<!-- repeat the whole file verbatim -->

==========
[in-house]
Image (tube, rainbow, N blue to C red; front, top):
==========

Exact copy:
[in-house]
Image (tube, rainbow, N blue to C red; front, top):